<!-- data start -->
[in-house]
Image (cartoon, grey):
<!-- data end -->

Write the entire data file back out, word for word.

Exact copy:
[in-house]
Image (cartoon, grey):